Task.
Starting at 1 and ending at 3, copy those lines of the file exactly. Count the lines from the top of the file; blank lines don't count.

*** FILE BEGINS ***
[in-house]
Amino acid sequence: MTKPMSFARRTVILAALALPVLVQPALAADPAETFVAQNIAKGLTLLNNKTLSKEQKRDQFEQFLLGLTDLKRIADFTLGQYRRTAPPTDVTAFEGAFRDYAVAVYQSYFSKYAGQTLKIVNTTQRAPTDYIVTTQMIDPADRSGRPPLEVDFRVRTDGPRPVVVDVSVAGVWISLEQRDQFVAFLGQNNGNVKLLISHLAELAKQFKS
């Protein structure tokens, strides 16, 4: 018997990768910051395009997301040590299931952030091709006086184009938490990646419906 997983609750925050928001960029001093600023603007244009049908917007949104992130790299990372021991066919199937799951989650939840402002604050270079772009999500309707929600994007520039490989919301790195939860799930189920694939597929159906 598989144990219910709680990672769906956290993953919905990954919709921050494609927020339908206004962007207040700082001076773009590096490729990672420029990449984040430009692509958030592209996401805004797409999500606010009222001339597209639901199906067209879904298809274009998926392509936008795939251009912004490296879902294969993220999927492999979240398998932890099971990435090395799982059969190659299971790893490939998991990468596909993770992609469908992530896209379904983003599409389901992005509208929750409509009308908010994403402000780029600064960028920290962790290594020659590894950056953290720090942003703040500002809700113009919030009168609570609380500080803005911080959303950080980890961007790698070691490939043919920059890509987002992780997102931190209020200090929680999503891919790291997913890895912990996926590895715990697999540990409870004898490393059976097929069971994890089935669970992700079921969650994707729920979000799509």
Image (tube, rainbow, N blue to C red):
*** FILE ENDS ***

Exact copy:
[in-house]
Amino acid sequence: MTKPMSFARRTVILAALALPVLVQPALAADPAETFVAQNIAKGLTLLNNKTLSKEQKRDQFEQFLLGLTDLKRIADFTLGQYRRTAPPTDVTAFEGAFRDYAVAVYQSYFSKYAGQTLKIVNTTQRAPTDYIVTTQMIDPADRSGRPPLEVDFRVRTDGPRPVVVDVSVAGVWISLEQRDQFVAFLGQNNGNVKLLISHLAELAKQFKS
């Protein structure tokens, strides 16, 4: 018997990768910051395009997301040590299931952030091709006086184009938490990646419906 997983609750925050928001960029001093600023603007244009049908917007949104992130790299990372021991066919199937799951989650939840402002604050270079772009999500309707929600994007520039490989919301790195939860799930189920694939597929159906 598989144990219910709680990672769906956290993953919905990954919709921050494609927020339908206004962007207040700082001076773009590096490729990672420029990449984040430009692509958030592209996401805004797409999500606010009222001339597209639901199906067209879904298809274009998926392509936008795939251009912004490296879902294969993220999927492999979240398998932890099971990435090395799982059969190659299971790893490939998991990468596909993770992609469908992530896209379904983003599409389901992005509208929750409509009308908010994403402000780029600064960028920290962790290594020659590894950056953290720090942003703040500002809700113009919030009168609570609380500080803005911080959303950080980890961007790698070691490939043919920059890509987002992780997102931190209020200090929680999503891919790291997913890895912990996926590895715990697999540990409870004898490393059976097929069971994890089935669970992700079921969650994707729920979000799509």